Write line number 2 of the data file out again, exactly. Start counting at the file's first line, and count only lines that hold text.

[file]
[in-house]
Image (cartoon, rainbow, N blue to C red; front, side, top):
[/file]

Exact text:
Image (cartoon, rainbow, N blue to C red; front, side, top):